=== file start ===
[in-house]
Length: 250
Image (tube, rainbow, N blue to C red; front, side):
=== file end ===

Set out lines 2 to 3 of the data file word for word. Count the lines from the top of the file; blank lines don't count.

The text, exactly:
Length: 250
Image (tube, rainbow, N blue to C red; front, side):